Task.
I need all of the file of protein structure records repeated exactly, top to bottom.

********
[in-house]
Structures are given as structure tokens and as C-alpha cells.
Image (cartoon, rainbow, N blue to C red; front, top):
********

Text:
[in-house]
Structures are given as structure tokens and as C-alpha cells.
Image (cartoon, rainbow, N blue to C red; front, top):